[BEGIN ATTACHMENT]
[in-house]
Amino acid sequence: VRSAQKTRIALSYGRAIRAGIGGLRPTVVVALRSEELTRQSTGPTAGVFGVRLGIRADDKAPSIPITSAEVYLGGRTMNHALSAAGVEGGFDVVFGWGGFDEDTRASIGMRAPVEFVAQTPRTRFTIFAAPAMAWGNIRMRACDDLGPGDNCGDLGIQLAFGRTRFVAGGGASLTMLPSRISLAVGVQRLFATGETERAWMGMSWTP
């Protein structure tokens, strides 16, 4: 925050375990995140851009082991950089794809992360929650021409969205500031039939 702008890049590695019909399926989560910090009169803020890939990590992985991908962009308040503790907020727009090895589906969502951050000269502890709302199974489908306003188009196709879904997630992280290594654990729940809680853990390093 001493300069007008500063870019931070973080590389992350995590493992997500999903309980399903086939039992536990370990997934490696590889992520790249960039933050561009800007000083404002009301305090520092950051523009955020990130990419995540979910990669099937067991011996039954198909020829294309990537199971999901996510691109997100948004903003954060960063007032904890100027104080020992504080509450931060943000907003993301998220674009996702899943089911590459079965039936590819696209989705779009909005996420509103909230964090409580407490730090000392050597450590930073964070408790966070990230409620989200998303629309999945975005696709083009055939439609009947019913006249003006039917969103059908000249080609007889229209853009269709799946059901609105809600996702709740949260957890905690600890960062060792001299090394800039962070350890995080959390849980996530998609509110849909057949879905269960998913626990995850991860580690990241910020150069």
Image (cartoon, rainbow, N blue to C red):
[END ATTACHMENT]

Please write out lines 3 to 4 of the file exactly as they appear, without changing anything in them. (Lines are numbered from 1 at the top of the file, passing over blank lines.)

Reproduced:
């Protein structure tokens, strides 16, 4: 925050375990995140851009082991950089794809992360929650021409969205500031039939 702008890049590695019909399926989560910090009169803020890939990590992985991908962009308040503790907020727009090895589906969502951050000269502890709302199974489908306003188009196709879904997630992280290594654990729940809680853990390093 001493300069007008500063870019931070973080590389992350995590493992997500999903309980399903086939039992536990370990997934490696590889992520790249960039933050561009800007000083404002009301305090520092950051523009955020990130990419995540979910990669099937067991011996039954198909020829294309990537199971999901996510691109997100948004903003954060960063007032904890100027104080020992504080509450931060943000907003993301998220674009996702899943089911590459079965039936590819696209989705779009909005996420509103909230964090409580407490730090000392050597450590930073964070408790966070990230409620989200998303629309999945975005696709083009055939439609009947019913006249003006039917969103059908000249080609007889229209853009269709799946059901609105809600996702709740949260957890905690600890960062060792001299090394800039962070350890995080959390849980996530998609509110849909057949879905269960998913626990995850991860580690990241910020150069």
Image (cartoon, rainbow, N blue to C red):